There are a few ways you can watch this movie. You can try and pick out whatever deeper meaning or symbolism you can possibly find in the plot, and I’m sure any one person can find quite a few if they tried, or, you can just sit back and enjoy it for what it is. It’s a stylish Halloween meets Final Destination meets whatever throwback to ’80s horror you can think of. Or you can choose to dismiss it as a “not scary at all” arthouse piece of crap. I’ve seen plenty of mixed audience reviews regardless of the mostly positive critics’ opinions, and when it comes down to it, this type of movie isn’t going to work for everyone. If you want a lot of gore and a lot of jump scares (and it’s okay if you do), you aren’t going to find that here.

For me, personally, I loved it. It’s visually stunning, I loved the soundtrack, I thought the acting was definitely above average, and the story is a refreshing and unique take on horror. I like how Mitchell created this very unsettling, creepy atmosphere without having to rely solely on gore and jump scares. Is it the most terrifying movie in recent years? I don’t think so. Does it get a little weird towards the end? Yes. But I’ll stand by my initial response to it, I liked it, it stuck with me when I left the theater, and I think that it’s a very well-made film in general. And admit it, being followed is scary, if you were being followed by even a non-paranormal being–especially if you’re a girl or maybe a drug dealer who screwed over your boss recently–you’d be scared, am I right?



24 thoughts on “It Follows (2015)

  1. Great review; been waiting for it since late last year. Hopefully this comes out after the 10th of April on VOD or I – like others outside the US – won’t be able to catch it for a long time.

    Liked by 1 person

    • Thanks. Yeah I was disappointed that it wasn’t going to have a same day VOD release date on the 27th like they had planned, seems like it would’ve been a smart way to go. I hope it becomes available to everyone soon.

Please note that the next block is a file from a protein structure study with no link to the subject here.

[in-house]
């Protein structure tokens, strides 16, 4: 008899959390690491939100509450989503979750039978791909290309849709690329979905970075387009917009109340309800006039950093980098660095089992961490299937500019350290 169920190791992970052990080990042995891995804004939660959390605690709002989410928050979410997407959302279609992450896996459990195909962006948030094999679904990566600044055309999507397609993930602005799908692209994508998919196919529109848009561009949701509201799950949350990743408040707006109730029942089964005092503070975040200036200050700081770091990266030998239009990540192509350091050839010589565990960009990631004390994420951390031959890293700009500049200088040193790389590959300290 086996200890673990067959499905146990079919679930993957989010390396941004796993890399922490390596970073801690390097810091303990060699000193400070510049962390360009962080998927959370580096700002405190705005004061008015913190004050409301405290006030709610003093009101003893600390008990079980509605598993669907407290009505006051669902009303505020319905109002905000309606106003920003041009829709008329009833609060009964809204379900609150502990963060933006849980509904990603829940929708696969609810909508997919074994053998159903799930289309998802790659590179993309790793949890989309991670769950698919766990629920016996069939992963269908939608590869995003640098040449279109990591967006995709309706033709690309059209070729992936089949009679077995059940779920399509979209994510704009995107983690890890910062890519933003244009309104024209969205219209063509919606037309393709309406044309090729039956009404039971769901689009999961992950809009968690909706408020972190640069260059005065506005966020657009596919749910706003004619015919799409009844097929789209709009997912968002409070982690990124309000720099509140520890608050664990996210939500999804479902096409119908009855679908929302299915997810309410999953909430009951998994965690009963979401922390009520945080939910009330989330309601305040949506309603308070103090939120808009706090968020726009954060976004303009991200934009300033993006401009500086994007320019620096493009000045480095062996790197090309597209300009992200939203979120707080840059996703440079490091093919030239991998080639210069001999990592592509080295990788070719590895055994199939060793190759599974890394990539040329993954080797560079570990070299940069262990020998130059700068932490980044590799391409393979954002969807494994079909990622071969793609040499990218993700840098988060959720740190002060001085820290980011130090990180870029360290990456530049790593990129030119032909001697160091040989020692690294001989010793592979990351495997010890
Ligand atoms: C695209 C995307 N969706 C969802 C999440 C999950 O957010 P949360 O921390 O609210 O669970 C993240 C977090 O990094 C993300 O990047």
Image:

2. Great review Justine and I mean that sooo much, best one I’ve read so far 🙂

    This sounds brilliant, I am so excited to see this when I finally do!!!!!!!!!!!

    I love the idea the time period is not important and there are things that could point to different eras, I LOVE stuff like that in films!

    And it just all sounds bloody brilliant!!!

    P.S I can’t even WALK in high shoes haha.

    Liked by 1 person

    • Thank you! I do think you’ll love it! And yeah, I can’t either. I have to wear six inch heels to walk down the aisle at my friend’s wedding in a few weeks and I am just praying I will make it without falling! Haha.

      Liked by 1 person

      • Oh no!! maybe wear them round the house for a bit and try to get used to them?!

        I hate high heels!!! Why girls do it to themselves I don’t really know. I couldn’t give a fuck about looking cool or tall or elegant….I just want to be comfy!!!!!

        So you are a bridesmaid then? That’s lovely!!! 🙂

        And no problem, as ever, your review was perfect!

        Liked by 1 person

        • I had thought about that. I don’t think the dogs would like the sound of clicking heels on the hard wood floor. They are very sensitive beasts haha. Yes, first time being a bridesmaid and hopefully my last. If anyone else I know decides to get married they can do it in town hall! Or Vegas, Vegas would work. I’m with you there. Flat boots in the winter, flat sandals in the summer, flat shoes in between, I’m all about the comfort and embracing my shortness, screw the high heels!

          I actually took some business courses in college where I was told by my professor (a man) that the only acceptable business attire for women is wearing heels. I was like uhhh..fuck off? Why don’t you wear them for an hour and let me know how your feet and your back feel, douchebaggin’ douche!


  3. It’s been a long time since I’ve seen a movie that touched on this many themes and had this many layers. I think it was smart to hold the VOD on their part. People are absolutely starved for good horror and it made $3.8 of its $4.5 million this weekend, and it’s going to expand into even more theaters next weekend. I think it could end up looking a lot like Chef last year, hanging around for a while, especially with Easter weekend and Spring breaks coming up.

    Liked by 1 person

    • Definitely, it wasn’t until I sat down and tried to write this that I realized how layered it really was. Yeah, the only crappy thing is there are still a lot of people out there wanting to see this but can’t because it hasn’t opened wide enough. Hopefully by next weekend more people will have the chance to.

      Liked by 1 person